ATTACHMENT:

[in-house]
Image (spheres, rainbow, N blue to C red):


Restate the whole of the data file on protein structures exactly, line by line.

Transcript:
[in-house]
Image (spheres, rainbow, N blue to C red):